Yes, folks! My holds from the library have finally started trickling in. One of my local libraries has a drive-up window, and the other is reopening this week for curbside pickup. In this category, I only had one book left to read.
This Is How You Lose the Time War, Amal El-Mohtar and Max Gladstone (full review here)
I'm going to say here and now this is the novella that probably will win. Everybody seems to have raved about it....except me. I didn't hate it, but as far as I'm concerned, it had a great many problems. It was beautifully written, but the worldbuilding left a lot to be desired. To put it bluntly, as a science fiction story, this made no frakking sense, and for me, the lovely prose couldn't carry the day all by its lonesome.
Knocking At the Door
The Haunting of Tram Car 015, P. Djeli Clark (full review here)
Compared to his excellent novella The Black God's Drums, this fell a bit short. Having said that, there's some interesting worldbuilding here I wouldn't mind revisiting.
"Anxiety is the Dizziness of Freedom," Ted Chiang, from the collection Exhalation
I didn't like this as well as "Omphalos," the other nominated story from this collection. Mainly because the ending wasn't that great. Having said that, Ted Chiang spins out ideas as easily as most other writers pen their names.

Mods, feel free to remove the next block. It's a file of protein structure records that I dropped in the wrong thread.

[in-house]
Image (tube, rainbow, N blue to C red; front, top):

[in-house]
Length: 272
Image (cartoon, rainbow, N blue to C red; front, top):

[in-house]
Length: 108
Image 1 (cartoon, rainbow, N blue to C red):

We Have a Winnah!
The Deep, Rivers Solomon w/Daveed Diggs, William Hutson and Jonathan Snipes (full review here)
This is based on the Hugo-nominated Clipping song, expanded into a full book. There's a lot to think about here, dealing as it does with the weight of memory, the responsibility of the historian, and how trauma is transmitted from generation to generation.
In An Absent Dream, Seanan McGuire (full review here)
As I wrote when I read this about a week ago, this is a "fairy tale with teeth." It also doesn't have a happy ending, so bear that in mind.
To Be Taught, If Fortunate, Becky Chambers (full review here)
Out of all the nominees in this category, this one surprised me the most. I haven't been overly impressed with Becky Chamber's books in the past; they've been either twee, silly, or plotless, and usually all three. This one works. Maybe it's because of its shorter length, or the better characterization, or the fact that it's fairly bursting with a love of science and the scientific method. It poses important questions for its future Earth to consider that ring true for our day as well.
These top three are very close. I'm sure I'll be shifting their slots in my mind for quite a while.